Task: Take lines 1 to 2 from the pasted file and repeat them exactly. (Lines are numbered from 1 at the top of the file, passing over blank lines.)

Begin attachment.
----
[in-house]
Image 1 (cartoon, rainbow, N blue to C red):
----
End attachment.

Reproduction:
[in-house]
Image 1 (cartoon, rainbow, N blue to C red):